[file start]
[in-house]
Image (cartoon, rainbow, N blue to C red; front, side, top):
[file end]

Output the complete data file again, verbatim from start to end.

[in-house]
Image (cartoon, rainbow, N blue to C red; front, side, top):